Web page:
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The Anna Freud Centre has published its findings from a survey about staff well-being, alongside NDNA’s sample well-being policy. 

Key points from the survey are:  

  • Nursery staff love their work, and many feel their settings are actively engaging with staff mental health and achieving positive results 
  • However, less than half (47%) were aware of whether their nursery had a mental health and well-being policy in place, and where no known policy was reported, staff stress levels were also found to be highest 
  • Nursery staff also said that the pandemic had taken its toll on their mental health, with 50% reporting that they felt unwell as a result of work-related stress during the past year and 66% reporting that the pandemic had impacted their well-being and mental health. 

Stella Ziolkowski, NDNA’s Director of Quality and Training, said: “We welcome this report because nursery practitioners are the lifeblood of the setting and make all the difference to the quality of a child’s early learning experiences. The relationships between a child, their key person and parents are absolutely crucial and based on trust and affection.

“It’s heartening to read that the majority of nursery practitioners love what they do. This commitment and passion needs to be properly recognised by the Government as looking after very young children can be stressful and challenging although it’s clear that this is also a hugely rewarding career.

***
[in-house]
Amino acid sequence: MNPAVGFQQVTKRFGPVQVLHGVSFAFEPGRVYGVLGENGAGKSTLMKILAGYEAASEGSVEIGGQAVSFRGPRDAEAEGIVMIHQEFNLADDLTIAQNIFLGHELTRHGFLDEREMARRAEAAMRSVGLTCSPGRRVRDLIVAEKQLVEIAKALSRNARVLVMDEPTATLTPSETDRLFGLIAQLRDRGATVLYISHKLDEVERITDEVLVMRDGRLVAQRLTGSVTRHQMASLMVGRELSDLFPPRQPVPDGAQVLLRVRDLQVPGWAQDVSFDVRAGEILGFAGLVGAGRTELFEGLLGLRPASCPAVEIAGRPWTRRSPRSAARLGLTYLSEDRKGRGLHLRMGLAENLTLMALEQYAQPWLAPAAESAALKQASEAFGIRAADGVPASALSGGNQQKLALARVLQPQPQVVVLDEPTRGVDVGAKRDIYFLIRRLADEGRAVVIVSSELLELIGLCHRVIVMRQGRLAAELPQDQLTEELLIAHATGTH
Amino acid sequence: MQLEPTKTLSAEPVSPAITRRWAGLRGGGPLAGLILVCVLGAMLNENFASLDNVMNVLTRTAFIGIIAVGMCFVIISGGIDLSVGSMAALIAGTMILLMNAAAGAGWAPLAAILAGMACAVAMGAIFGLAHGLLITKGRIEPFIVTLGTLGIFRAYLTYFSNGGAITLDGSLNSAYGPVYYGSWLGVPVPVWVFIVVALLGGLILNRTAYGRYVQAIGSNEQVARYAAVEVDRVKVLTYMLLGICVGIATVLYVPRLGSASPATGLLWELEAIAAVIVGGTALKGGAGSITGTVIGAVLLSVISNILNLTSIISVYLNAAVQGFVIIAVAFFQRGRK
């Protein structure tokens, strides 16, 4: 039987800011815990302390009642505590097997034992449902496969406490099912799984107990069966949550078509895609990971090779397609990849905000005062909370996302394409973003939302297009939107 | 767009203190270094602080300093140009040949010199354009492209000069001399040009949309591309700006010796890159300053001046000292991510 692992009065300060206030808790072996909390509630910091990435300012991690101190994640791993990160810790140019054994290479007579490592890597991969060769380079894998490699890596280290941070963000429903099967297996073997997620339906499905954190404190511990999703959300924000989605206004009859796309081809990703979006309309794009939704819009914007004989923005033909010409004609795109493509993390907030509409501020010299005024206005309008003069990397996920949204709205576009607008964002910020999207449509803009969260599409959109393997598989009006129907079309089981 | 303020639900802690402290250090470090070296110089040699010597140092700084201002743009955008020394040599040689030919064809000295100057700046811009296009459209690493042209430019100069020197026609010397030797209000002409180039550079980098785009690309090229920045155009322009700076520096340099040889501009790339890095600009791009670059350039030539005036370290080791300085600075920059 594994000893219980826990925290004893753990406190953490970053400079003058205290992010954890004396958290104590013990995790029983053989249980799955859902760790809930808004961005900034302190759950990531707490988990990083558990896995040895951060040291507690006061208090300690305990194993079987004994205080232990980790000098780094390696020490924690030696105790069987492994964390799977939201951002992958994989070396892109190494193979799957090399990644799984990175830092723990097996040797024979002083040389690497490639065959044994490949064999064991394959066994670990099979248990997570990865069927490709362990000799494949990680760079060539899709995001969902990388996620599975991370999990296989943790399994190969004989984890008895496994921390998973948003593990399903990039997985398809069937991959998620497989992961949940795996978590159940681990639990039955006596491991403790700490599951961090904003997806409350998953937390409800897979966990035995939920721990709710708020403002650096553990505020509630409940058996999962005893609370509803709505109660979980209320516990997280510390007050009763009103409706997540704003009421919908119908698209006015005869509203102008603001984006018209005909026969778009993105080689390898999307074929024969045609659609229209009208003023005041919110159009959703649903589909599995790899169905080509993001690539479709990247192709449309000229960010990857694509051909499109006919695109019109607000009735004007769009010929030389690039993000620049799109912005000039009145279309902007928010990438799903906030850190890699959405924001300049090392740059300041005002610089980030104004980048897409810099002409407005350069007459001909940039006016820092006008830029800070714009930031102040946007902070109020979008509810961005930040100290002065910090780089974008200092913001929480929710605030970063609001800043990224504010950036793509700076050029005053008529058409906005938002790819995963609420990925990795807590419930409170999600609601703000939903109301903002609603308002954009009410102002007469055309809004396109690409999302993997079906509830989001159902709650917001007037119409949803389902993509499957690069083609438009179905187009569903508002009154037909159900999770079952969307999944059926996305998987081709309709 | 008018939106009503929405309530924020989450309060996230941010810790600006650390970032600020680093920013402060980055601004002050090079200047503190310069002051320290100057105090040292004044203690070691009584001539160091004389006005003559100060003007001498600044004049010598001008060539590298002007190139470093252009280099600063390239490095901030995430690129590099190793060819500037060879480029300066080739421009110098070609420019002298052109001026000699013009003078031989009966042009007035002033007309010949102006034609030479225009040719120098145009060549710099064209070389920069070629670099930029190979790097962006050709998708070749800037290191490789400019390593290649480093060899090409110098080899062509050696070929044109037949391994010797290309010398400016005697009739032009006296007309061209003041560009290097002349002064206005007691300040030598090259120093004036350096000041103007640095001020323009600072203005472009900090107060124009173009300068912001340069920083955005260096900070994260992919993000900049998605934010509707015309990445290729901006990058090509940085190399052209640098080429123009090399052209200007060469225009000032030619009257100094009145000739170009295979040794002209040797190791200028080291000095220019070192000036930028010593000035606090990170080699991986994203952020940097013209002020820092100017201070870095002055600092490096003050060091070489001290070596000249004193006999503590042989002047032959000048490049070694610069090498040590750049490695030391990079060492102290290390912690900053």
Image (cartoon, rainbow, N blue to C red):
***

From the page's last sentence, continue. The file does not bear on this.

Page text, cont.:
“Having faced such a tough time over the past 18 months, any additional support for staff and settings is really welcome. We have heard time and again how fears around Covid and the pressures of having rooms and whole nurseries closing and reopening have taken its toll. That’s why we were delighted to work with Anna Freud Centre on this project and a much needed resource for the sector.

Dr Camilla Rosan, Head of Early Years & Prevention at the Anna Freud Centre, said: “It’s clear from this new research how much early years staff love their work, but it’s also clear that it can at times be emotionally demanding and stressful. Staff well-being needs to lie at the heart of nursery settings, so we can best support those who look after young children in the first years of their lives. Those early years are so critical to a child’s longer term development and happiness. That’s why we are delighted today to offer this free, practical resource to all nurseries.” 

 

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